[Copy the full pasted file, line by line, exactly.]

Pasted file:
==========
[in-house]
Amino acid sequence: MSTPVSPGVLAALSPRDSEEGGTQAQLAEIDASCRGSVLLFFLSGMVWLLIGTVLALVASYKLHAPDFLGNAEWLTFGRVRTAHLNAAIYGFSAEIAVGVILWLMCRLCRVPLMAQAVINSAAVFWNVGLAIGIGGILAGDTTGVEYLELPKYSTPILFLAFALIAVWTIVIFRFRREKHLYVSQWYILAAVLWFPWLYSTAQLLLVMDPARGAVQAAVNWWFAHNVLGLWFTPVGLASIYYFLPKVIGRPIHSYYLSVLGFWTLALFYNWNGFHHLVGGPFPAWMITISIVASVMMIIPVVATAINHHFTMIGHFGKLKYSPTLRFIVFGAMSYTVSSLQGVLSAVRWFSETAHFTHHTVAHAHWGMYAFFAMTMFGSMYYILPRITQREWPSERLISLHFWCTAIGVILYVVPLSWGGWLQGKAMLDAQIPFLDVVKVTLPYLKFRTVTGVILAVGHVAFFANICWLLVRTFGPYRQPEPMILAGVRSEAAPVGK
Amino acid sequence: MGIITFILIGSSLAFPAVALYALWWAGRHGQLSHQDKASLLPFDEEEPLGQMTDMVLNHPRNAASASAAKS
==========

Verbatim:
[in-house]
Amino acid sequence: MSTPVSPGVLAALSPRDSEEGGTQAQLAEIDASCRGSVLLFFLSGMVWLLIGTVLALVASYKLHAPDFLGNAEWLTFGRVRTAHLNAAIYGFSAEIAVGVILWLMCRLCRVPLMAQAVINSAAVFWNVGLAIGIGGILAGDTTGVEYLELPKYSTPILFLAFALIAVWTIVIFRFRREKHLYVSQWYILAAVLWFPWLYSTAQLLLVMDPARGAVQAAVNWWFAHNVLGLWFTPVGLASIYYFLPKVIGRPIHSYYLSVLGFWTLALFYNWNGFHHLVGGPFPAWMITISIVASVMMIIPVVATAINHHFTMIGHFGKLKYSPTLRFIVFGAMSYTVSSLQGVLSAVRWFSETAHFTHHTVAHAHWGMYAFFAMTMFGSMYYILPRITQREWPSERLISLHFWCTAIGVILYVVPLSWGGWLQGKAMLDAQIPFLDVVKVTLPYLKFRTVTGVILAVGHVAFFANICWLLVRTFGPYRQPEPMILAGVRSEAAPVGK
Amino acid sequence: MGIITFILIGSSLAFPAVALYALWWAGRHGQLSHQDKASLLPFDEEEPLGQMTDMVLNHPRNAASASAAKS